This is all fascinating, if you’re inclined that way, but baseball teaches a simpler and more profound lesson. The game is its own kind of Sabbath, a bracketing of time’s pressure. We enter the stadium, a park within a city or town, and so suspend the tyranny of chronos. All games are such suspensions, or have the capacity to be so, but only baseball refuses to allow the clock inside the logic of its performance. The contest begins at a fixed point, true, but from that moment on all measuring is done with actions, not seconds or minutes.
We all need time out of time, especially as the tyranny of the clock grows more insistent. Rare is the person today who does not literally carry time around all day every day, in the form of a wristwatch or a smartphone. Clocks wake us and order our days in waking moments. We stand in danger of losing that sense of genuine leisure which, as Aristotle argued two and a half millennia ago, allows us to contemplate the divine.
The masters of the game are putting this possibility in danger, however. Television broadcasts are as time-bound as the billing hours of a busy lawyer, the pauses measured in dollars. And so pitchers are warned not to take too much time between pitches, even as the traditional four-pitch intentional walk is now poised for retirement in favor of an automatic, and faster, option of an automatic pass. Do you know how long an average intentional walk takes? Seventeen seconds. If this is where you want to find 17 more seconds of time, you are in the wrong business. Major League Baseball—the dopes of time.
Plus, of course, anything can happen in those four lobs to the catcher to execute the intentional walk. The fans boo. The ball sails. It’s baseball, people, not bureaucracy. We must be careful that these incursions do not destroy the timeless beauty of this remarkable game, where there is no territory to be won and no routine body-on-body contact (there is some, just enough to remind us that these are professional athletes).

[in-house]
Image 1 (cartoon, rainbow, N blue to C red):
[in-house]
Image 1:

When Opening Day arrives, we enter the gorgeous, sustaining period of the 162-game season, and begin our annual communion with the gamboling and hard-striving boys of summer. We all know it will end, and that this renewal is poignant. I don’t know if T.S. Eliot was a baseball fan, but his claim that April is the cruelest month, “mixing memory and desire,” is something any baseball fan can appreciate.
I recall, as I do every year, cold Opening Day games in Toronto, some with snow still on the ground, or listening to a faraway contest on the front stoop, with grilled hot dogs and beer to create our own little park in the city. Time collapses at such moments, all games become one game, and the eternally renewed hope of sports is mixed, inevitably, with feelings of sadness and longing and nostalgia, all the things that make baseball what it is, the most poetic game we know.
“The game doesn’t change the way you sleep or wash your face or chew your food,” the narrator notes in Don DeLillo’s novella Pafko at the Wall. “It changes nothing but your life.” Yes. And it all begins with time…